Monday, April 3, 2017

Book Review: The Ways of the World by David Harvey

Editor's note: This review was originally published in The London School of Economics Review of Books, and has been reposted with permission. It is available under Creative Commons and the original page can be found here
The Ways of the World offers an intellectual journey through the work of David Harvey over the past five decades, compiling chapters and article excerpts from different periods in his career accompanied by retrospective commentary and insight from Harvey himself. Taken together, this collection serves as an excellent introduction to the theorist’s influential body of thought and makes a convincing call for readers to join the struggle for social justice, writes Erica Frazier.
If you are interested in this book, you may also like to listen to a podcast/video recording of David Harvey in conversation on ‘The Power of Ideas’, recorded at LSE on 10 December 2015. 
The Ways of the World. David Harvey. Profile Books. 2016.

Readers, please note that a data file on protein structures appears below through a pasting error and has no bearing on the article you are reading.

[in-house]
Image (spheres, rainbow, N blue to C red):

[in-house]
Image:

Find this book: amazon-logo
The Ways of the WorldDavid Harvey’s latest book, The Ways of the World, is a selection of chapter and article excerpts taken from different periods in the geographer/social theorist’s career. It is tempting to describe the book as an academic ‘greatest hits’, because it is a portfolio of an influential figure that also sparks interest in (re-)visiting his previous work. However, there are no ‘throwaway tracks’ here; instead of falling victim to the hodgepodge feeling of some musical collections, there is a strong common theme uniting each element of this book: a Marxian analysis of the systemic inequality created and reinforced through our current political economy, an interpretation that emphasises the dialogue between people and place. Through this collection, Harvey makes a convincing call for readers to join the struggle for social justice.